How open access to research benefits us all

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S. (Sam) Kritikos

Dec 5, 2010, 5:18:55 PM12/5/10
Folks, interesting article by Rebecca Fernandez on open access
scientific magazines. I have listed the links from the article below:

How open access to research benefits us all

Malaria Journal:
"an Open Access, peer-reviewed, online journal ... All
articles are published without barriers to access, immediately upon

10 years of Malaria Journal: how did Open Access change publication patterns?

"BioMed Central which is now part of the Springer Group,
publishes 206 peer-reviewed Open Access journals,
including Malaria Journal, started in 2002 ...

"The creation of the Public Library of Science (PLoS) in 2001, initially as
an organization to advocate Open Access publication, led to the creation of
a number of PLoS journals initially aimed firmly at the 'high quality end'
of the scientific spectrum. The launch of these new journals, together with
the wide range of OA journals started a few years earlier by BioMed Central,
has changed the scientific publication scene forever."

Other open access journals, and sites:
PLoS Neglected Tropical Diseases
Parasites & Vectors
Journal of Infection in Developing Countries
AJOL (African Journals Online)

New evidence of the power of open access
October 18, 2010

"New findings settle one of the arguments about Open Access (OA) research
publications: Are they more likely to be cited because they were made OA, or
were they made OA because they were more likely to be cited? ...

"The results show that the OA citation impact advantage is just as great when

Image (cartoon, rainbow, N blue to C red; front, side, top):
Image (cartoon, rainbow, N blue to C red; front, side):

OA is mandatory (i.e., the author's institution or funder requires the
author to make all research publications OA) as it is when OA is optional
(i.e., the author self-selects whether and what to make OA)."

Muluken W. Alemayehu
Researchers' Attitude to using Institutional Repositories: A case study of
the Oslo University Institutional Repository (DUO)
Master thesis , International Master in Digital Library Learning, 2010
PDF 68 pages

Review of 'The Access Principle' by John Willinsky

What We Can Do About Science Journals
John Baez, August 13, 2007

The smart scholar’s publication-venue heuristics; or, how to use open access
to advance your career; Blog post Oct 22 2010

Directory of Open Access Journals (DOAJ)
"This service covers free, full text, quality controlled scientific and
scholarly journals."

The Directory of Open Access Repositories (OpenDOAR)
"OpenDOAR is an authoritative directory of academic open access repositories.
Each OpenDOAR repository has been visited by project staff to check the
information that is recorded here. This in-depth approach does not rely on
automated analysis and gives a quality-controlled list of repositories."

Open Access Week, Oct 18-24, 2010:
"Open Access Week, a global event now entering its fourth year, is an
opportunity for the academic and research community to continue to learn
about the potential benefits of Open Access, to share what they’ve learned
with colleagues, and to help inspire wider participation in helping to make
Open Access a new norm in scholarship and research."

Rebecca's blog: That Corporate Writer

S. (Sam) Kritikos

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